On Monday, Wisconsin GOP Rep. Sean Duffy announced that he will resign from the House on September 23, citing heart complications for a baby he and his wife are expecting in October. Duffy becomes the 13th Republican this cycle to announce an exit of any type, compared to three Democrats that have done so. Fortunately for Republicans, this rural northern Wisconsin seat voted for President Trump by 20 points and has been trending their way for years.

Under Wisconsin law, Democratic Gov. Tony Evers must schedule a special election between 92 and 122 days of declaring a vacancy. But if he waits to declare a vacancy, he could schedule a special election on April 7, 2020 to coincide with Wisconsin's presidential primary and a state supreme court election. It's possible that Democrats' heated presidential primary could lead to a Democratic turnout advantage and make things more interesting.

There's some Democratic DNA in the 7th CD, which includes Wisconsin's iron-rich Gogebic Range: former Rep. Dave Obey held this seat for more than four decades prior to 2010, when Duffy, a competitive lumberjack and former Real World cast member, came in amid a GOP wave. But shortly after, GOP mapmakers made the seat several points more Republican by replacing the college town of Stevens Point with heavily GOP Twin Cities exurbs.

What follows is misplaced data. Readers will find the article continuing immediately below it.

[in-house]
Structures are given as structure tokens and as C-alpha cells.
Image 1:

Even in the "blue wave" of 2018, Democrats couldn't attract a top-tier candidate to run and Duffy defeated attorney Margaret Engebretson 60 percent to 39 percent, virtually identical to Trump's margin. Today, the Wisconsin State Journal reported state Sens. Tom Tiffany and Jerry Petrowski as potential Republican candidates and state Sen. Janet Bewley and state Rep. Nick Milroy (both of the labor-heavy Iron Range) as possible Democrats. 

For perspective, Wisconsin's 7th CD voted for Trump by about the same margin as Pennsylvania's old 18th CD, which Democrat Conor Lamb flipped in a March 2018 special election. But only 22 percent of adults in WI-07 hold college degrees, well below the 36 percent in PA-18. And so far in special elections held in 2019, Democrats haven't outperformed the partisan fundamentals of districts by nearly the same margin as last cycle.

It would take a combination of a massive Democratic turnout advantage and a deeply flawed GOP nominee to put this race in play. But special elections can be volatile, so we're putting this race on our watch list in Likely Republican for now.

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